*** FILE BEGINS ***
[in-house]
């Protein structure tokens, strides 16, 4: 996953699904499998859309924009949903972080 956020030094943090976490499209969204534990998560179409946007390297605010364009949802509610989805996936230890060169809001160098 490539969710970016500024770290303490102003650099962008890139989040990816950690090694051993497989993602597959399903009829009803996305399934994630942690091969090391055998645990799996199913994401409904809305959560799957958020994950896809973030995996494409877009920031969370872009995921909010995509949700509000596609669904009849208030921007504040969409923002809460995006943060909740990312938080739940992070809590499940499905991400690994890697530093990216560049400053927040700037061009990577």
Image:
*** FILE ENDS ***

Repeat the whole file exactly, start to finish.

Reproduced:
[in-house]
């Protein structure tokens, strides 16, 4: 996953699904499998859309924009949903972080 956020030094943090976490499209969204534990998560179409946007390297605010364009949802509610989805996936230890060169809001160098 490539969710970016500024770290303490102003650099962008890139989040990816950690090694051993497989993602597959399903009829009803996305399934994630942690091969090391055998645990799996199913994401409904809305959560799957958020994950896809973030995996494409877009920031969370872009995921909010995509949700509000596609669904009849208030921007504040969409923002809460995006943060909740990312938080739940992070809590499940499905991400690994890697530093990216560049400053927040700037061009990577």
Image: